Alexia Leleu is heir to one of the great interior-design houses in modern French history. But until she revived the business, she didn’t know the circumstances surrounding its mysterious end in 1973. The great-granddaughter of founder Jules Leleu, she decided to look into what had long been treated as a family secret. After four years of research, she discovered the truth: Maison Leleu’s biggest commission turned out to be its downfall, when its client, the Shah of Iran, didn’t pay his bills.
What began in 1910 as a furniture line defined by Deco-like classicism developed a distinct aesthetic that encompassed lighting and textiles. The late ’50s brought the company’s most important commissions, from the interiors for institutions like the League of Nations in Geneva and the Sorbonne in Paris to the French president’s railroad car and Tunisian president Habib Bourguiba’s villa.
It was at that time that Leleu’s three children took on roles in the business. His daughter, Paule, oversaw the textile department, designing carpets, fabrics, and wallpaper, while his sons, Jean and André, supervised commissions and the management of its ateliers and designs of private residences. “As a child, I knew that my grandfather, Jean, and his siblings were important figures in the design world,” says Alexia, now 33. “But it was only after I began my own research that I realized the impact they had.”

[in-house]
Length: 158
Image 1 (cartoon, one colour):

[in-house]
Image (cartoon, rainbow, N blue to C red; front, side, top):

When Jules died in 1961, his children continued to uphold his legacy while ushering it to a new era that would soon end as quickly as it had started. In 1971, the year that marked the 2,500th anniversary of the founding of the Persian Empire, the last Shah of Iran hosted a party. “It wasn’t just any party, but the most expensive affair of the century,” says Alexia. On a site adjacent to the ruins of Persepolis, he built an extravagant tented city from scratch, indulging in such luxuries as catering from Maxim’s, uniforms by Lanvin, Limoges dinnerware, and 50 tented rooms by Maison Jansen and Maison Leleu. Following the three-day, 600-person event, Maison Leleu was never paid, and the company couldn’t recover.
It wasn’t long after Alexia started her research that she discovered Françoise Siriex, a decorator who had worked for the house for 23 years. “She’s the living memory of Maison Leleu,” says Alexia. “Not only was she able to provide more details into the history, but as the firm’s unofficial archivist, she had books containing carpet designs and colorations, all with original samples and wool pom-poms.”
With that, Alexia’s path became clear, and, in the fall of 2017, she decided to revive the esteemed design house. Unveiled in January, the first collection, “Itinérance,” is a series of carpets based on 12 drawings from the archive. A second line will come out this fall. Hand-knotted in India, the collection will include original designs by Paule Leleu along with interpretations that incorporate new colors, shapes, and patterns. The Paris-based heir plans to reintroduce furniture, lighting, and wallpaper, but the decision to revive the house with a collection of perfectly distilled graphic rugs seems a fitting continuation of the work that her great-aunt had only begun.